Investors large and small – asset managers State Street, BlackRock and Fidelity among the largest – are demanding reports on sustainability, renewable energy and environmental impact issues as a low-carbon economy will likely disrupts a host of industries. This year’s proxy season also reflected shareholder awareness that, over the long term, environmental sustainability is a critical component of risk management. Support for shareholder proposals that companies report on climate risks jumped from 7% in 2011 to 43% this year, with proposals at two major energy companies gaining more than 60% support.
Embracing inclusion and promoting climate leadership are good business. They also make financial sense.
Forbes recently reported that companies that are more diverse see an increase in return on investment—of 35% for ethnically diverse companies and 15% for gender-diverse companies. Not only are more diverse companies better able to win top talent; they also benefit from greater employee satisfaction.
And more and more company leaders are united in their understanding of the urgency to act on climate as a moral and economic imperative. They are speaking with one voice – and funding clean energy investments – like never before.
The shareholder’s role is indispensable in driving positive social and environmental change.
We strongly believe – and our research indicates – that one’s investment portfolio can be successfully aligned with his or her core convictions without sacrificing diversification or financial performance. For each of its values-based investment clients, Marc J. Lane Investment Management, Inc.’s proprietary Advocacy Investing® strategy identifies companies which not only exhibit sound business fundamentals and solid governance, but also whose policies and practices reflect and promote the client's deeply held beliefs or, in the case of an institutional investor, its mission. In that way Advocacy Investing empowers the client investor to back only those companies that are doing the "right thing," converting the investor's "passive" assets into "active" assets that actually help drive positive social and environmental change.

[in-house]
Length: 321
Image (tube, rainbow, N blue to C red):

Marc Lane is an attorney, financial adviser and the author of Profitable Socially Responsible Investing? An Institutional Investor’s Guide, published by Euromoney Institutional Investor PLC, and Representing Corporate Officers, Directors, Managers, and Trustees, published by Aspen Publishers. We invite you to reach out to Marc in confidence and learn how Marc J. Lane Investment Management, Inc. can add value to your investment portfolio. He can be reached at [email protected] or 312-372-5000.
The world's first social impact bond, or SIB, was introduced in 2010 to fund innovative social programs that realistically might reduce recidivism by ex-offenders in Peterborough, England, and, with it, the public costs of housing and feeding repeat offenders. Prudently building on the strengths of that initiative, Illinois Gov. Pat Quinn is rolling out SIBs to help solve some of the state's most vexing social problems.